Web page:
Newscasts

PNS Daily Newscast - June 27, 2019 


More time on the ground for the Boeing 737 MAX. Also, on our Thursday rundown: a diverse group to tackle salmon recovery. Plus, summer bees are buzzing, but for how long?

Daily Newscasts

Public News Service - TN: Water

Photo: The American Heart Association is reminding people to take steps to improve their heart health this Valentine's Day, including improving their diet and increasing exercise. Photo credit: AHA

NASHVILLE, Tenn. - Hearts are everywhere this week as Americans prepare to celebrate a holiday that is projected to gross a record-setting $18.9 billion this Valentine's Day. But medical experts want to remind folks it's the heart that should be top of mind. The American Heart Association says reg

PHOTO: The Tennessee Wilderness Act seeks to permanently protect 20,000 acres of the Cherokee National Forest and add the first new wilderness area in Tennessee in more than a quarter-century. Photo credit: Chris M. Morris

KNOXVILLE, Tenn. - With Congress back in session this week, a renewed push is on for passage of a new Tennessee Wilderness Act. Today marks the 29th anniversary of the original. The first Tennessee Wilderness Act was signed into law Oct. 30, 1984, by President Reagan. Leading the effort locally at

PHOTO: The Tennessee Wilderness Act would protect 20,000 acres in the Cherokee National Forest and create the state's first new wilderness area since 1986. CREDIT: Aaron Headley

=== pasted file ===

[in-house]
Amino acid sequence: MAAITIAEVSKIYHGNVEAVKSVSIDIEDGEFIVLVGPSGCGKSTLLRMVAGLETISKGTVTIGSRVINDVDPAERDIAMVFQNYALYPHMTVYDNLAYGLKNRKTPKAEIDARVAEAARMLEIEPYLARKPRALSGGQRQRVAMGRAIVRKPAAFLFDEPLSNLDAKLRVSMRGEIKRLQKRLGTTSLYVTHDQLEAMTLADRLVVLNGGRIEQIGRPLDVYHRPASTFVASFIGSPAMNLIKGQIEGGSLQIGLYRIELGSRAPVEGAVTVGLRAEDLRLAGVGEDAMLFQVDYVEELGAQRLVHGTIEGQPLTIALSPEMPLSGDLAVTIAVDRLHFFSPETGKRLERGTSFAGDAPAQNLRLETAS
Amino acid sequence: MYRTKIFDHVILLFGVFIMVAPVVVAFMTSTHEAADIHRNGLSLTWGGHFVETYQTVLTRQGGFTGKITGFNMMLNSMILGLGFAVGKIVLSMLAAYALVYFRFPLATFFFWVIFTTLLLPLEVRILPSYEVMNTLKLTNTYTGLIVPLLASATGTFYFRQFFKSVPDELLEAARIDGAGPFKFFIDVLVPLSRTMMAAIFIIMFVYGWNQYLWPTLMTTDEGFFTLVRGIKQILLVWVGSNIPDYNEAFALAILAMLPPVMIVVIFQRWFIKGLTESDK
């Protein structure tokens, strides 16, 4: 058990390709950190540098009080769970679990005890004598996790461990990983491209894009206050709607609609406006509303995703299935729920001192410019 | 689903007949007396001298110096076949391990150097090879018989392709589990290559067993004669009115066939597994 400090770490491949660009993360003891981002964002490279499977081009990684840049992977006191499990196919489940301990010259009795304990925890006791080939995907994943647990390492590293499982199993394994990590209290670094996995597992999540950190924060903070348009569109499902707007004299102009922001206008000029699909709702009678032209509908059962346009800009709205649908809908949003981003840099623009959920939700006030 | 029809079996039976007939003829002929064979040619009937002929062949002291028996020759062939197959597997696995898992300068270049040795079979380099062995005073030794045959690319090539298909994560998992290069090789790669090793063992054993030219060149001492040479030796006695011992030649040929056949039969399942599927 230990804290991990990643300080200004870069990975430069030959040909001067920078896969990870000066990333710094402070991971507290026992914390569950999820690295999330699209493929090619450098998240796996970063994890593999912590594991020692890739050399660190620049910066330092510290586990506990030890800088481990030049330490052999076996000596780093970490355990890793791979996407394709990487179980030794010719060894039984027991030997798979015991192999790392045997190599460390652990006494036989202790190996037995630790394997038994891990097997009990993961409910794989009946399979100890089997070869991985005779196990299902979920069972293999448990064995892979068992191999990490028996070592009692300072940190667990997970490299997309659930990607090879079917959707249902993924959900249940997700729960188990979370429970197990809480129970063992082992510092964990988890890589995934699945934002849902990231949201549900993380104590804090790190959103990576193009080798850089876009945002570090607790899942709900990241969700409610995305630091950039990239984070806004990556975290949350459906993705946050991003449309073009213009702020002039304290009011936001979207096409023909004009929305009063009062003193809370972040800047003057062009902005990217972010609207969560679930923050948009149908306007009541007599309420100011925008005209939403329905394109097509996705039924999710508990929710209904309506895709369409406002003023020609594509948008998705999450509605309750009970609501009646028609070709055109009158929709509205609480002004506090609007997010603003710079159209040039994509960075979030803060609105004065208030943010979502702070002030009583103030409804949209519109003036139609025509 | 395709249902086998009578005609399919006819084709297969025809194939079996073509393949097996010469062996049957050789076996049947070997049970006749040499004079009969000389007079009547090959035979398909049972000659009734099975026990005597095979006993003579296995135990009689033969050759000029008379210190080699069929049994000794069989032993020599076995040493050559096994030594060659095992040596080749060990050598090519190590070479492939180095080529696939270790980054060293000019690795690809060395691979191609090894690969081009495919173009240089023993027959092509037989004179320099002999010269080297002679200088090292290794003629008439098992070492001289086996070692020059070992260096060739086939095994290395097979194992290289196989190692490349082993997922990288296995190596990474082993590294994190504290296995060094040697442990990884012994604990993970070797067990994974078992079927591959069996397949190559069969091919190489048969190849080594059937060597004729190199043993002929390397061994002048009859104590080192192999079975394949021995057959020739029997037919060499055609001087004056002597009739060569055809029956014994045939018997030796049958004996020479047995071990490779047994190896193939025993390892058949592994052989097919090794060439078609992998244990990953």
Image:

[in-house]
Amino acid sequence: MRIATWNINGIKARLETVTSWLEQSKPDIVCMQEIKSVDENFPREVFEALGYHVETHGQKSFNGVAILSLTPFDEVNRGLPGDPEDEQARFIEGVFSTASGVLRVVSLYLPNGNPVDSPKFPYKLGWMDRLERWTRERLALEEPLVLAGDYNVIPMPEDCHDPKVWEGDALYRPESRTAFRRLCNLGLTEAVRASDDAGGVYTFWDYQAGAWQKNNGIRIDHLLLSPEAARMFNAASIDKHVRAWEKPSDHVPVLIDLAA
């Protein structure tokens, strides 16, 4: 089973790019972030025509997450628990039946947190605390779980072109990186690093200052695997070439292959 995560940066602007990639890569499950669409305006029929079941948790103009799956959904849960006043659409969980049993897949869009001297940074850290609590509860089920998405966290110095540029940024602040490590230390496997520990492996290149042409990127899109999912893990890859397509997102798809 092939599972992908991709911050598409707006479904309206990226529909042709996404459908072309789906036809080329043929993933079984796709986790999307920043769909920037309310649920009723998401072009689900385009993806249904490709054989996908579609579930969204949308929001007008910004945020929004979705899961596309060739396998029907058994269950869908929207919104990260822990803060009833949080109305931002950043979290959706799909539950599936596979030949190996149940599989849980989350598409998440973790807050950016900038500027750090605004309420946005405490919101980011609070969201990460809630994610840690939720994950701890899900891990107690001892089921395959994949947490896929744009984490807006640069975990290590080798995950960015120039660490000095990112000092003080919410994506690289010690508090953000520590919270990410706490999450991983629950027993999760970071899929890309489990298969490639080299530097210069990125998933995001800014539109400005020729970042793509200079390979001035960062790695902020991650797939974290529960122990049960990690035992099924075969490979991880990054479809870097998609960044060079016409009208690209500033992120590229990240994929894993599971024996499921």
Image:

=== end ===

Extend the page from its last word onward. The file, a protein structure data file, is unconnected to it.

NASHVILLE, Tenn. – This coming Monday will mark the 43rd anniversary of Earth Day, and a number of events are planned across Tennessee in the days ahead. Among those who will be out and about for some of the festivities is Caara Fritz, a volunteer for Tennessee Wild. "Really, for me, it's j

PHOTO: More and more these days, women are getting involved in outdoor recreation. Charity Rutter with R & R Fly Fishing will lead a clinic this month in conjunction with Tennessee Wild. Photo credit: Charity Rutter

NASHVILLE, Tenn. - The nation just went through some of the toughest economic times in decades, but that didn't stop Americans from heading to the great outdoors. The number of people in the U.S. taking part in outdoor recreation continued to grow through the Great Recession. According to Jeff Hun

PHOTO: Plans for road construction have landed Goforth Creek Canyon on this year's list of the most endangered places in the South. CREDIT: Sam Evans SELC

NASHVILLE, Tenn. - A new list of the top 10 places in the South that are facing immediate and potentially irreparable threats includes two areas of Tennessee. Goforth Creek Canyon is among those most at risk, due to a proposed road project. Jeff Hunter, director of the Tennessee Wilderness Campaign

NASHVILLE, Tenn. - Biomass has become the darling of the renewable-energy world in Tennessee and throughout the Southeast, and a new study takes a close look at the good and bad. Biomass refers to burning wood-production leftovers to generate electricity, compressing them into fuel pellets, and woo

NASHVILLE, Tenn. - Tennessee environmentalists have new ammunition in their fight against Mountaintop Removal Coal Mining (MRCM) after an article published in "Science" magazine confirming that the practice has cataclysmic effects on plants, animals and people. The article says the effects of MRCM

NASHVILLE, Tenn. - In fall of 1984, President Ronald Reagan signed the Tennessee Wilderness Act, preserving just over 32,000 acres of the Cherokee National Forest to be kept "as is." A quarter of a century later, a group of Tennesseans is thinking it's time to add to the inventory. Will Skelton, a

3 of 4 pages   « First  <  1 2 3 4 >  Last »